Here are a few of my favorite sightings at the show.

There are so many interesting and creative details on some of these bikes that I feel like I can't do them justice in a single image. Here are a few bikes I'll highlight with some detail shots.

All images taken with a Fujifilm X-T2 and a XF 18mm F/2 or XF 23mm F/1.4 lens, Classic Chrome film simulation. Need even more motorcycle porn? Check out all my photos from the event on my gallery site.

Car Show in Georgetown

I'm a sucker for a good car show and I got to attend an annual show held at the Georgetown Airport a few weekends back. It was a beautiful day and I enjoyed wandering around. I can easily lose track of time while checking out classic cars and I came away with my first sunburn of the year on an unseasonably (even for south Texas) warm February day. While I remembered all my camera gear, I forgot to put on some sunscreen. 

I had a couple new-to-me bits of photography gear with me at the show. Recently I acquired a Fujifilm XF 18mm f/2 lens for my X-T2 camera. I was curious about this lens as a possible replacement for my rarely used 16mm, which is a big, heavy beast to carry around in my bag. Additionally, I had a Nikon FM film camera with a 50mm f/1.4 lens that I acquired in a trade sometime back and never had a chance to try out. The FM was loaded with some inexpensive Agfa color negative film. The colors from this film are have a nice subdued look and I like how I don't have to do much of anything to the film scans I get back from my lab.  

Nikon FM, 50mm

One of the nice things about shooting the Fujifilm X-T2 is the great dynamic range. Color negative film holds highlights rather well. The X-T2 is arguably stronger in this area with the dynamic range modes in camera. I usually shoot in JPEG mode for events like this and I'll set my ISO to 400, even on a sunny day. This enables me to turn on the X-T2's auto DR mode, which will automatically underexpose a stop as needed for highlight control, then lift the shadows in its JPEG processing engine. It's a neat trick.

Fujifilm X-T2, 18mm

I performed a little experiment by photographing the car below with both cameras, using an 18mm equivalent lens on each. It was a dark car and I shot the shaded side. The shadows are more open in the film version but the digital wins with greater detail. Yes technology is a wonderful thing.

Maybe I'm just being nostalgic about film. The digital images are sharper and cleaner without the film grain. The dynamic range of today's cameras is remarkable. Still, there is just something about film that I like. Maybe it's just that it detaches me from the world of modern technology for a while when I shoot it. I tend to favor manual cameras like the FM. No batteries needed, no meter (the FM has one but I chose to shoot sans battery), no complex menus. It seems appropriate for photographing those beautiful classic cars. It's an overall experience of a simpler time.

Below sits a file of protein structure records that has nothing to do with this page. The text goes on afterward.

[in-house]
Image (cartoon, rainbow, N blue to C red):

You can see more shots from the show on my gallery site here.

Tribute Night at The Tavern

This past Saturday I got to see a couple of fun rock shows at The Tavern in Round Rock. The best part was that I didn't have to venture anywhere near downtown Austin and the mayhem that is SXSW! Telephantasm (Soundgarden tribute) and Naked and Fearless (Tool tribute) shared the stage and belted out worthy performances of the music of their respective bands.

It was my first time to visit The Tavern and I was surprised by the thick crowd on that rainy night. I got to the show a little early with my camera to check out the scene. When I saw how dark the stage was, I almost took my camera bag back to the car. The stage had no dedicated lighting. Clubs around here aren't known for having very good stage lighting but I think this is the first time I've come across a good sized club like this with none. Zip. If not for a bit of light from a projector showing backgrounds for the bands spilling on to the guys, autofocus would have been futile.

I really wanted to get some shots so I dialed my Fuji X-T2 all the way up to ISO 12800 and opened my XF 35mm lens up to f/1.4. Yeah, it was that dark. I knew the images were going to have dense grain and as I prefer to do anyway, I set my camera to shoot in black and white with the Acros simulation. Back at home I processed the images further in Lightroom to get a look similar to pushed Neopan 1600 film. The results aren't bad. If you pixel peep, yeah it looks like a grainy blizzard. If you look at a reasonable distance and can appreciate grainy film they're fine. The lack of light meant a lack of contrast so I also did a bit of dodging and burning in Lightroom to help bring in some contrast and open up details.  Sure it's digital but the look and methods are quite reminiscent of film work.


More shots from Telephantasm's set are here.

Naked and Fearless

More shots from Naked and Fearless' set are here.

Softness in the City

Last night I joined my friends Tony and Andy for dinner and a short photo walk around downtown Austin. It had been quite some time since I'd walked around downtown. While I love a lot of things about the Austin area, I find myself avoiding the heart of the city lately. The thought of dealing with traffic, crowds, parking, and legions of panhandlers makes it tough for me to choose downtown as a destination for a leisurely dinner and a stroll.